Medicine: Balancing Science and Art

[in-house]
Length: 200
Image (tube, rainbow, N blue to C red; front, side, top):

Medical school was tough. Not so much because we were learning how to care for patients, but that we were learning the minutia of the human body. The sheer amount of detail that goes into understanding physiology, anatomy, and how all the organ systems interrelate in disease is, to say the least, intense and often intimidating. Yet, we all learn the science and through it all we learn that a thorough understanding of this science can make you a great Doctor. Why? Because you may find the answer that someone else missed, solely because your knowledge base was superior. This concept of Medicine as a pure science permeates through the clinical years and well into training and formal practice settings, where the view is always that Evidence-Based Medicine holds the answers to all clinical questions, and that straying from this path is tantamount to criminality. Yet, interestingly, some of the best Doctors out there don’t always follow Evidence-Based Medicine to the strict letter of the law. They understand that while things usually follow a common course, patients are individuals and the human body is far too complex to standardize. So, we have a situation where younger Doctors and many in Academic Practice typically tout Science and Evidence-Based Medicine, while those older and more experienced physicians, including many in Private Practice, have relied more on their experience and observations. Ideally, one would meld the two, using the Science and Evidence as a guide, but never forgetting the Art of Medicine that only comes from being creative, thinking ‘outside the box’, and using what you and others have observed and experienced. As we move towards a more structured and regulated health care system, which by its nature focuses on cost containment at the same time as universal coverage, those in power have viewed the Science of Medicine as the best way to provide both. There is no mention of the Art of Medicine. Hence, we have strict rules for nuclear stress testing and appropriateness for PCI that rely solely on what scientific evidence exists for their use. Yet we all know the amount of Science and Evidence out there, while enormous, likely only supports 20% of what we as Doctors legitimately do in practice. The government and insurance companies take this to mean that 80% of what we do is inappropriate and not payable, when in actuality some of that 80% is inappropriate while the rest is completely appropriate and, in many cases, the standard of care. In my own practice, a small part of this comes into play every time I order a stress test. Because of the cost of nuclear stress testing and fears of inappropriate use (which granted has and continues to occur), the insurance companies have placed strict rules for their authorization. Yet, the criteria are static and limited while our patients are variable and diverse. And, we as physicians are caught trying to live within the “rules” of Science and Evidence while we continue to appropriately prioritize both the Science and the Art. The real challenge will be cost containment and universal coverage while leaving leeway for the Art of Medicine. Can it be done? I think so, and progressive insurance companies should look for ways to do this going forward. If not, then cost will surely be contained at the expense of quality, creativity, optimal patient care and outcomes. Dr. Srihari S. Naidu is Director of the Cardiac Catheterization Laboratory, Interventional Cardiology Fellowship Program and Hypertrophic Cardiomyopathy Center at Winthrop University Hospital, and Assistant Professor of Medicine at SUNY – Stony Brook School of Medicine.